It’s early March, which means spring is almost upon us! But before the flowers are in full bloom, people of Irish descent around the world (or people looking for a reason to imbibe) celebrate St. Patrick’s Day on March 17th. While historically a religious holiday, St. Patrick’s Day has evolved into more of a secular affair in modern times, involving revelery, drinking, green clothing, and celebrating all things Irish.
So, in honor of St. Paddy’s Day, we thought we’d delve into the history of the holiday, and, for those interested in some fun, we conclude with a great spot to safely celebrate in the DC area.
St. Patrick’s Day honors Saint Patrick, the most famous patron saint of Ireland. Saint Patrick was born in Roman Britain in the 5th century (or possibly even the late 4th century, his birth and death dates remain unknown to historians.) At the age of 16, Saint Patrick was kidnapped from his father’s home in Britain by a band of Irish pirates and taken to Ireland, where he was held captive as a slave for the next 6 years. According to Patrick’s own writings, the 6 years he spent as a slave was critical to his spiritual and religious development. During this period, he fostered his relationship with God through prayer, and eventually converted to Christianity.
After 6 years of enslavement, Saint Patrick managed to escape his captors and return to Britain. After being reunited with his family, Patrick, now in his twenties, resumed his study of Christianity that he began in Ireland. A few years after returning to Britain, he had a vision that a man came to him from Ireland, bringing him a letter titled “The Voice of the Irish.” This vision spurred Patrick to return to Ireland as a missionary, where he established churches and schools and converted thousands of Irish people to Christianity–thus, completing the work for which he became celebrated.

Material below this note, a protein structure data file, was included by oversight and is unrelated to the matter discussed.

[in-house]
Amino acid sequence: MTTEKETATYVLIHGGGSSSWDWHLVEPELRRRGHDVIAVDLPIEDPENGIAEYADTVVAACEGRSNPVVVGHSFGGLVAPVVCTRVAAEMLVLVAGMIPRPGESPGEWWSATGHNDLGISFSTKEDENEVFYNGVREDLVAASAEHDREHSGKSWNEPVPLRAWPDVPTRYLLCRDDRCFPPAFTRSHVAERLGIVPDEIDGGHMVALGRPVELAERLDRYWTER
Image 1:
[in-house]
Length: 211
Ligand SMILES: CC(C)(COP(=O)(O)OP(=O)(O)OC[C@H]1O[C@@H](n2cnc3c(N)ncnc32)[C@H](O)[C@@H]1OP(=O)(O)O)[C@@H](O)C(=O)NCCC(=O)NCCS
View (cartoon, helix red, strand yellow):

While the Irish historically honored Saint Patrick with religious services and feasts, it was 18th and 19th century Irish emigrants to the United States who transformed March 17th into the secular, merrymaking holiday that it is today. Cities with large populations of Irish immigrants began holding St. Patrick’s Day parades, with Boston being the first in 1737, followed by New York City in 1762.
Since the late 1700s, Americans of Irish descent have continued to celebrate the holiday, which is now marked by drinking, wearing green (especially items with shamrocks), and consuming corned beef and cabbage. The city of Chicago even started dyeing its river green in 1962 to mark the day.
Now that you know a bit about the history, read on for our recommendation for the best place to celebrate.
Guinness Open Gate Brewery
Did you know that Guinness’ only U.S. brewery happens to be outside of Baltimore? The Guinness Open Gate Brewery is the perfect destination for those who want to (safely) celebrate St. Paddy’s Day, and as you can imagine, the month of March brings some special events. For St. Patrick’s Day 2021, the brewery is hosting celebrations every weekend in March, where you can enjoy plenty of Irish beer on tap, live music, and movie nights! The brewery also offers a full Irish breakfast (think thick cut bacon, bangers, baked beans, eggs, grilled tomato, breakfast potatoes, and brown bread) for hungry revelers. The seating is spaced out to ensure social distancing, and, if you don’t feel safe celebrating indoors, there is plenty of outdoor seating made possible by heat lamps.
If you’d like to wait to check out Open Gate post-COVID, the brewery has plenty to do year round. There is a taproom, restaurant, brand store full of Guinness gear, and beer garden on site. The brewery also offers free onsite tours detailing Guinness’ 260 year history, although at the moment tours are virtual only. This place is certainly worth checking out for those who love beer or all things Irish!
If you’ve had a few Guinesses and started to browse Zillow in search of your dream home, please give Lise a call at 240-401-5577 for coffee and expert advice on buying or selling real estate in the DC area!